Towards a Comparison of the Folding of Prion Protein from Different Species

  • Author / Creator
    Charrunchon, Sookpichaya
  • The formation of an abnormal form of proteins in cells can cause aggregation and neurodegenerative pathology, such as Alzheimer’s, Parkinson’s and prion diseases, which affects both humans and animals. Nowadays, the understanding of the mechanism of prion misfolding and propagation, including effective ways of treating prion diseases, is not clearly identified. This may result from the complexity of the biological ensembles. Optical tweezers, one of the single-molecule force spectroscopy methods, can be used to better understand mechanisms of protein misfolding and dynamics by manipulating small beads attached to single protein molecules, resulting in the mechanical denaturation of protein structure. Previous work studying the mechanical denaturation of structure in hamster prion protein (PrP) by laser tweezers, for example, found that the folding pathways of the native protein were composed of two states of folding and unfolding (Yu et al., 2012; 2013). Although the sequence of PrP is very highly conserved between species, there are a few differences in amino acid residues between PrP in different species. Furthermore, mouse PrP, a model system for studying prion diseases, has a lower susceptibility to the misfolding underlying prion diseases than hamster PrP. Thus, the differences in the protein sequences may lead to differences in the folding and misfolding which may relate to the different susceptibilities. This work is the first single-molecule study of mouse PrP folding; the prion proteins from mice were attached to DNA handles using click chemistry and were studied by optical tweezers in order to compare my results to those of the previous studies on hamster PrP. As a result of the successful attachments, the force- extension curves of mouse prion proteins had close similarities in unfolding behavior compared to those of hamsters. Furthermore, according to the data analysis of the curves, the contour lengths of the mouse prion proteins from the combination of rips were found to be closely matched to the expected length in the protein structure. However, it was challenging to avoid problems caused by attaching the DNA handles to the wrong cysteine residues in the protein. For a more complete understanding of protein misfolding, future work involving the study of protein structure is required. Single-molecule studies of mouse prion proteins can also allow one to study the energy landscapes, specifically the folding pathways of proteins in different species. Information regarding protein structure may be useful for the development of specific therapeutic drugs. Future work on the molecular mechanisms of the prion proteins will not only provide a better understanding of prion diseases, but also other related neurodegenerative disease that share similar mechanisms of protein aggregation.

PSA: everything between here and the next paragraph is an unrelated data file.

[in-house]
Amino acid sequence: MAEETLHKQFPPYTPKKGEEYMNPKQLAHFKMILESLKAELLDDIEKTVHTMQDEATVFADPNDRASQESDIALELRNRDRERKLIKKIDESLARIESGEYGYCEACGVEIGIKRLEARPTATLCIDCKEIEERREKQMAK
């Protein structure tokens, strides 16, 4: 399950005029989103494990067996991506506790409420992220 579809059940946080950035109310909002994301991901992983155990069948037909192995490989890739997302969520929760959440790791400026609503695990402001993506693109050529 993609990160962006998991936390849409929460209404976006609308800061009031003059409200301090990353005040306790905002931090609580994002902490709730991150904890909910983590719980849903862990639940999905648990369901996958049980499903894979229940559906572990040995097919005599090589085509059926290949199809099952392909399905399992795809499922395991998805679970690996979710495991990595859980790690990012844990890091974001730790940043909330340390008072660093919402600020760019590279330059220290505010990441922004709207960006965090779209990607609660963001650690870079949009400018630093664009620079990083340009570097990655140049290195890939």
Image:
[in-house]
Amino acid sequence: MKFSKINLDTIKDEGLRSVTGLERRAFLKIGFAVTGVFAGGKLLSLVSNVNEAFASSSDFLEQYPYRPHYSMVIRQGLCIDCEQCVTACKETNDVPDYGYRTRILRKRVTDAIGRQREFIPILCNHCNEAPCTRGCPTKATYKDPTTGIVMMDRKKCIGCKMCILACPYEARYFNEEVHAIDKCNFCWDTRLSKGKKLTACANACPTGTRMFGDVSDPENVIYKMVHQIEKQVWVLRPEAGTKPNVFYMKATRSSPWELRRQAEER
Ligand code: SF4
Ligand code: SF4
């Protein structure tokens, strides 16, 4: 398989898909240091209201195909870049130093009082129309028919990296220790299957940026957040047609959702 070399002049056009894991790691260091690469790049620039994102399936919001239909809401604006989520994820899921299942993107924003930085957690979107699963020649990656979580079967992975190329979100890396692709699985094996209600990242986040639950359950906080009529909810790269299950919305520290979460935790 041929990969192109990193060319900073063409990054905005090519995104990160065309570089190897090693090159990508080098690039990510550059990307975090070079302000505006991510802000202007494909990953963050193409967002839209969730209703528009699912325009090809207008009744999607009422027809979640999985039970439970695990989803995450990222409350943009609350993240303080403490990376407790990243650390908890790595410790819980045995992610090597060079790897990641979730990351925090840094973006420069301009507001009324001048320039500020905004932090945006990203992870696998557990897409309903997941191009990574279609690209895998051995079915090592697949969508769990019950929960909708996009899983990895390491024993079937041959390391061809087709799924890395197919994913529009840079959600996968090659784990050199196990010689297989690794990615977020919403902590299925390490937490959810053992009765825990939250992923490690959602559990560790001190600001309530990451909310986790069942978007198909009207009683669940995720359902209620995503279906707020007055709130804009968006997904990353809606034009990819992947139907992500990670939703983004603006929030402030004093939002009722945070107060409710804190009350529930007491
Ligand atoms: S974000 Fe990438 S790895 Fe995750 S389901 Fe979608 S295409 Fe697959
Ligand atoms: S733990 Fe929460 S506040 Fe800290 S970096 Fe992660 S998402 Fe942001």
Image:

• Subjects / Keywords
  • Graduation date
    2017-11:Fall 2017
  • Type of Item
  • Degree
    Master of Science
  • DOI
  • License
    This thesis is made available by the University of Alberta Libraries with permission of the copyright owner solely for non-commercial purposes. This thesis, or any portion thereof, may not otherwise be copied or reproduced without the written consent of the copyright owner, except to the extent permitted by Canadian copyright law.
  • Language
  • Institution
    University of Alberta
  • Degree level
  • Department
    • Department of Physics
  • Supervisor / co-supervisor and their department(s)
    • Woodside, Michael (Physics)
  • Examining committee members and their departments
    • Rozmus, Wojciech (Physics)
    • Hegmann, Frank (Physics)
    • LeBlanc, Lindsay (Physics)